After the authors of "Super Freakonomics" belittled the Indian male in a chapter about condoms, medical researchers in New Delhi have said he can still hold his own in the world.
The authors, US economist Steven D Levitt and journalist Stephen J Dubner, had inferred from an Indian Council of Medical Research (ICMR) study that Indian men are less endowed than men in other parts of the world.
They said "...60 per cent of Indian men have penises too small for the condoms manufactured to fit WHO specs". They also said for two years "more than a 1,000 Indian men had their penises measured and photographed by the scientists."
But now ICMR Deputy Director General, Dr R S Sharma, says the authors had not factored the entire research findings before jumping to the conclusion. Instead, they had referred only to a small data sample collected by one of the researchers from his centre, Maharashtra.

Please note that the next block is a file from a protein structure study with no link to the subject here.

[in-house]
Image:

"The claim made in the book 'Super Freakonomics' is based on the statement given to a website by...Dr R R Shinde, the head of PSM department at KEM Hospital, Mumbai ...(but) the statement... can't be considered as an average data of an Indian man," says Sharma.
The research had begun in July 2001 to help the government understand why most Indian men say no to condoms. One of the notions was that the condoms could be oversized. To test it, the researchers had decided to line up men from all states, and measure them from base to tip in their viagra mood. Since the number of experts needed for the "sensitive job" could not be found, the test was conducted only on 1377 healthy men from Delhi, Punjab, Bihar, Orissa, Assam, Maharashtra and Karnataka.
The job entailed "measuring length and circumference of an erect male penis" through the internationally recognised Strip Method.
Among others things, the study found that the sizes varied from state to state, and hence, deriving a standard average length from the data was not possible. Though the study did indicate that the average size of an erect penis in the sampled states is smaller than the international size, the specification could not be stretched to include the entire country.